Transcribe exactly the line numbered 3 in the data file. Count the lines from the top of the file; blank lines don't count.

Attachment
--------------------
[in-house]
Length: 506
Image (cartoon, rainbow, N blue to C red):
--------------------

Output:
Image (cartoon, rainbow, N blue to C red):